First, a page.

California State University, Northridge Certificate in LGBTQ+ Health

Treating Trauma Survivors in a Family Mental Health Clinic

Westchester Jewish Community Services’ (WJCS) Treatment Center for Trauma and Abuse has been in the forefront in Westchester County in providing child and adult survivors of child sexual abuse with effective treatment for almost thirty years. The program began in the Hartsdale clinic with just two staff and has expanded to three additional WJCS clinics and fourteen members in Peekskill, Mount Vernon and Yonkers. The program strives to provide the best quality of service by understanding and treating the problems associated with childhood sexual abuse, most recently through a focus on evidence-based practice. This focus on evidence-based practice ensures that there is adequate research demonstrating the effectiveness of particular treatment approaches, so that the services provided are of the highest quality.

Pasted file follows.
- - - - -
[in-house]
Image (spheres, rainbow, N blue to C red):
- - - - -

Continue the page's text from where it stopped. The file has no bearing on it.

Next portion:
In this article, we will outline basic information about the impact of child sexual abuse, and how the resulting problems guide treatment goals. We will discuss training provided for professionals through WJCS’ Educational Institute on two evidence-based practices for treating adult and child victims of child sexual abuse: STAIR/NST: Skills Training in Affective and Interpersonal Regulation/Narrative Storytelling, and Trauma-Focused Cognitive Behavioral Therapy.

A third of the female population in the USA report having had an experience of childhood sexual abuse; one in six men report the same. One in five people, male or female, report physical abuse during childhood (Briere & Elliot, 2003). This means that if you list ten people you know, at work or at home, at least one, probably two, of them are likely to have been abused as a child. This number is even higher in a mental health clinic setting.

Learning during childhood occurs by osmosis; we soak up whatever is around us and make it our own. If you grow up in a household where parents talk about feelings, provide comfort and soothing, and give help when it is needed, you learn how to label your feelings, how to soothe yourself, and how to trust others. Unfortunately, the converse is true as well. If your parents yell at you when you cry, fail to provide basic needs, and abuse you when you need help, you learn to ignore your feelings or let them rage out of control, and to mistrust others. Thus, childhood trauma has a broad impact on adult functioning because it interferes with basic developmental tasks.